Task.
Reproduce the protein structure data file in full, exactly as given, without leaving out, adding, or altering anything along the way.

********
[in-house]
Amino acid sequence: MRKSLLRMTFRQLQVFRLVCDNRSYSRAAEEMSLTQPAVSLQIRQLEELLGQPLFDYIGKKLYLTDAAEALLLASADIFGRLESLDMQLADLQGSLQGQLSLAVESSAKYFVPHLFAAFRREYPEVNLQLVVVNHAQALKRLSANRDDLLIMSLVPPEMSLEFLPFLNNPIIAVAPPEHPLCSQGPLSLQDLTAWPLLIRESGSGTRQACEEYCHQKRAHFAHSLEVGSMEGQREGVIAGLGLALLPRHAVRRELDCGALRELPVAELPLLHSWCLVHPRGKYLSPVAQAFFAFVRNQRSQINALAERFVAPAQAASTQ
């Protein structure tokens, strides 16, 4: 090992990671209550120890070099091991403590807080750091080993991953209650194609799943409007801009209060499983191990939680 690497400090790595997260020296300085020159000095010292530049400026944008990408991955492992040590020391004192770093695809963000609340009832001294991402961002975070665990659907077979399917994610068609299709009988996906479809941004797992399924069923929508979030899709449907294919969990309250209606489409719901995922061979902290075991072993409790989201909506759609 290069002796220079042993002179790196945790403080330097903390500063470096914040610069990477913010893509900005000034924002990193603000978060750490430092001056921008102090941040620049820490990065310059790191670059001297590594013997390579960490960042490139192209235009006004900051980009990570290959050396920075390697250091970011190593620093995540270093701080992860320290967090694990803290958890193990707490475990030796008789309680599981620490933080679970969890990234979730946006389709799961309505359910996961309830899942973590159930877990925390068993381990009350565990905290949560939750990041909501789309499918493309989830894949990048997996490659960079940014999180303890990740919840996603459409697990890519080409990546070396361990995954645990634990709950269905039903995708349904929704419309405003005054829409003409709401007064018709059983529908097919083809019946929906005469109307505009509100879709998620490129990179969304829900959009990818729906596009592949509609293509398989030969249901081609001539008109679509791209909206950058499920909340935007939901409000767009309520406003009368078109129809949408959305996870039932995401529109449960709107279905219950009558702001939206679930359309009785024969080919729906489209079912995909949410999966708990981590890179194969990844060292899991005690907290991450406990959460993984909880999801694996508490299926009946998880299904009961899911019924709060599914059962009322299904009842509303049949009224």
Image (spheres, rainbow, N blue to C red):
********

[in-house]
Amino acid sequence: MRKSLLRMTFRQLQVFRLVCDNRSYSRAAEEMSLTQPAVSLQIRQLEELLGQPLFDYIGKKLYLTDAAEALLLASADIFGRLESLDMQLADLQGSLQGQLSLAVESSAKYFVPHLFAAFRREYPEVNLQLVVVNHAQALKRLSANRDDLLIMSLVPPEMSLEFLPFLNNPIIAVAPPEHPLCSQGPLSLQDLTAWPLLIRESGSGTRQACEEYCHQKRAHFAHSLEVGSMEGQREGVIAGLGLALLPRHAVRRELDCGALRELPVAELPLLHSWCLVHPRGKYLSPVAQAFFAFVRNQRSQINALAERFVAPAQAASTQ
């Protein structure tokens, strides 16, 4: 090992990671209550120890070099091991403590807080750091080993991953209650194609799943409007801009209060499983191990939680 690497400090790595997260020296300085020159000095010292530049400026944008990408991955492992040590020391004192770093695809963000609340009832001294991402961002975070665990659907077979399917994610068609299709009988996906479809941004797992399924069923929508979030899709449907294919969990309250209606489409719901995922061979902290075991072993409790989201909506759609 290069002796220079042993002179790196945790403080330097903390500063470096914040610069990477913010893509900005000034924002990193603000978060750490430092001056921008102090941040620049820490990065310059790191670059001297590594013997390579960490960042490139192209235009006004900051980009990570290959050396920075390697250091970011190593620093995540270093701080992860320290967090694990803290958890193990707490475990030796008789309680599981620490933080679970969890990234979730946006389709799961309505359910996961309830899942973590159930877990925390068993381990009350565990905290949560939750990041909501789309499918493309989830894949990048997996490659960079940014999180303890990740919840996603459409697990890519080409990546070396361990995954645990634990709950269905039903995708349904929704419309405003005054829409003409709401007064018709059983529908097919083809019946929906005469109307505009509100879709998620490129990179969304829900959009990818729906596009592949509609293509398989030969249901081609001539008109679509791209909206950058499920909340935007939901409000767009309520406003009368078109129809949408959305996870039932995401529109449960709107279905219950009558702001939206679930359309009785024969080919729906489209079912995909949410999966708990981590890179194969990844060292899991005690907290991450406990959460993984909880999801694996508490299926009946998880299904009961899911019924709060599914059962009322299904009842509303049949009224």
Image (spheres, rainbow, N blue to C red):